The United States of Wal-Mart by John Dicker
Okay, they are anti-Union and a huge chunk of their employees get paid so little that they are on Medicaid. Okay, people with minimum wage jobs or no jobs shop at Wal-Mart because their prices are low. Why are the prices so low? Because they pay their employees so little -- and because they buy merchandise from overseas, which eliminates many of the jobs formerly held by their customers.
It's kind of like the Bush Administration economic policies all rolled up in one corporation, or was that Enron?
But we digress.
Wal-Mart is becoming the big fat target that symbolizes the widening income gap in America, globalization, government subsidies of private businesses, and the decline of the middle class, not to mention conservative politics and onerous work demands of its employees.
And there's more coming. "Outfoxed" producer is doing a documentary on Wal-Mart coming out in the fall (and we can assure you it won't be a Valentine), and another book on the company is do out around the same time.
To us, Wal-Mart is most symbolic of the self-cannibalization it represents of the working poor, the non-working, and the lower middle class who buy goods made overseas because they can't afford ones made in the U.S.A. It's kind of like patronizing your own economic slaughterhouse.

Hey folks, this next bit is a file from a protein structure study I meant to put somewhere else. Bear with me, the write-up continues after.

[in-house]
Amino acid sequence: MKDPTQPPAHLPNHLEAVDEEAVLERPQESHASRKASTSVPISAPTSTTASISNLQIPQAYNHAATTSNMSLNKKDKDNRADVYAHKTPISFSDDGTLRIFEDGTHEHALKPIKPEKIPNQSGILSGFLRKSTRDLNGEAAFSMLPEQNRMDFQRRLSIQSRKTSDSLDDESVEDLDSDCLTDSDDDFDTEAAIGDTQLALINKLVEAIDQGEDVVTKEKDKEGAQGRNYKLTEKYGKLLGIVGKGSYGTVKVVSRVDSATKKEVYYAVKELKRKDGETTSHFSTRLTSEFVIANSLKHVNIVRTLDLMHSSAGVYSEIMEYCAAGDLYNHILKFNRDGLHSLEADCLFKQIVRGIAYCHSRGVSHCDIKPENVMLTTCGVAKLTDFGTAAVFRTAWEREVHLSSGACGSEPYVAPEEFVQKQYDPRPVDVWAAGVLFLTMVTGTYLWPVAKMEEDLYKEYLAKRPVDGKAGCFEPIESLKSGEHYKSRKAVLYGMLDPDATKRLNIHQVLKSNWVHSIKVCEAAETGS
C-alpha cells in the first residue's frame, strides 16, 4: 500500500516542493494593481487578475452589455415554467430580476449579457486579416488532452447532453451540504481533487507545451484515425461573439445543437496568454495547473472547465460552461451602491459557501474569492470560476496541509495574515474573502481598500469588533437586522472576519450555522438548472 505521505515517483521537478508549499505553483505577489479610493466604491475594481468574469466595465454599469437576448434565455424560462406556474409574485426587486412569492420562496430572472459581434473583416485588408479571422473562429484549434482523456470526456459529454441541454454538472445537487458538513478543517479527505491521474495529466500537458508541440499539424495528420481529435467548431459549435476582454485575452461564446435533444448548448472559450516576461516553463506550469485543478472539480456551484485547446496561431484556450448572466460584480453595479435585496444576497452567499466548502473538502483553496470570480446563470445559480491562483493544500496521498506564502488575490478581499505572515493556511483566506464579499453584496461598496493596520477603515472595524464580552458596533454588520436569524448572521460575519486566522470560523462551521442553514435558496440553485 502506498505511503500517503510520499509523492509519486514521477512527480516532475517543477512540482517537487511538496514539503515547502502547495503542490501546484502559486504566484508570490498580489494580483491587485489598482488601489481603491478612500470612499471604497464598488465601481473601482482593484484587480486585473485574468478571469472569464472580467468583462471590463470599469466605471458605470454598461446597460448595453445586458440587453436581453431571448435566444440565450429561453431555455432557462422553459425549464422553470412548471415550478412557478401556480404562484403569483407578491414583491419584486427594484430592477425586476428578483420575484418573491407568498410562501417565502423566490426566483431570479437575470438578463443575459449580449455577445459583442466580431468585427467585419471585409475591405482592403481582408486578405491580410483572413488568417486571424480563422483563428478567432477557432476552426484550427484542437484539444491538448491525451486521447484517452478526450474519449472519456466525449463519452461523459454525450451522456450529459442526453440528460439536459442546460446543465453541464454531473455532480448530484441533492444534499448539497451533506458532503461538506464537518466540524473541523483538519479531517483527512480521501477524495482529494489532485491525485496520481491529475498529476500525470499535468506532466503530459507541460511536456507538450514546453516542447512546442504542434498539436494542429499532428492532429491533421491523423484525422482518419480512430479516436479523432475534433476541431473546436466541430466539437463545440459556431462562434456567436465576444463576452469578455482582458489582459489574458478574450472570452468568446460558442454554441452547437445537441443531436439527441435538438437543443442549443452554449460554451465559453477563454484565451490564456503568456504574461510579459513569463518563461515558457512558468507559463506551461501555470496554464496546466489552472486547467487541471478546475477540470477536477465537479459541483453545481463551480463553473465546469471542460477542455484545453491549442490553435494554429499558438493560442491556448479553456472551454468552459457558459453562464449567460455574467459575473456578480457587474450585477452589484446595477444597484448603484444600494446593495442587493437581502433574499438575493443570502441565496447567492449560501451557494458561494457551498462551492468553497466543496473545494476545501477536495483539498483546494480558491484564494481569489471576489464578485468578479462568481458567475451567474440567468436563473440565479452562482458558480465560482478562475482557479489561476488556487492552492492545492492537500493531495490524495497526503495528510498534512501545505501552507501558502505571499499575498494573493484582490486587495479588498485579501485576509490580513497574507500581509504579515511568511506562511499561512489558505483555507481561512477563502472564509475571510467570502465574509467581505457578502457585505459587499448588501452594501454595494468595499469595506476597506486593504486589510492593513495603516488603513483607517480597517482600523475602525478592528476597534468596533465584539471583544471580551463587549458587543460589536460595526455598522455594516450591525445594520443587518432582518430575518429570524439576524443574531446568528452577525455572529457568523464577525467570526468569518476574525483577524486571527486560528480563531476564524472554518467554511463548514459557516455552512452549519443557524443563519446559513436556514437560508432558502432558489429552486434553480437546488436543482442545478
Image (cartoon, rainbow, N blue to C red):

The book is chock full of factual and anecdotal information about Wal-Mart and its founder Sam Walton, such as, "It employs one of every 115 American workers. If it were a nation-state, it would be one of the world's top twenty economies." It has yearly sales of some $260 billion.
If Wal-Mart isn't slowed down, America is headed toward third world status, subsidized by the taxpayers, who foot the bill for worker's social needs beyond what their low wages can afford them.
Wal-Mart may put forth a smiley face, but it has one of the highest employee turnover rates in retailing. Obviously, not everyone is happy -- and for good reason.